Day 11


We have seen probably 100 animals every day of our wonderful safari.  We can't thank enough all those people who helped make this trip possible.  As well as organizations like Minnesota SCI, Zeekoepan Safaris, Rotter Communications, and Illusion Systems, LLC.  All their contact information is listed on our page "Supporting Organizations."  If you'd like to thank them yourself, please feel free to do so.

Pictured here is a blue wildebeest, also called a gnu (perhaps you knew.)  Their name translated as "wild animal."  In November, the world-renowned wildebeest migration will take place, and 1.5 million animals will move from the African woodlands to the high, grassy plains.  Then to return again in May.  This is the momentous migration you often see on the Nature Channel, highlighted by the crossing of crocodile filled rivers.  Life is hard in Africa.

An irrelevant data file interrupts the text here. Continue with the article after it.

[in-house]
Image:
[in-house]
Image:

The other animal pictured is the gemsbuck, or oryx.  They are known for their black and white faces, and long sword-like horns.  (Horn material is really not bone or antler.  It is actually a very tightly grouped hair fiber that is so strong they can fight with them.  This is even true for rhinos.)  The 600-pound oryx is a true survivor, adapting even to extreme desert conditions.  In temperatures of more than 104' F, they raise their own body's temperature to prevent sweating and lose of body fluids.  And, their calves can run almost immediately after birth; fast enough to keep up with the herd!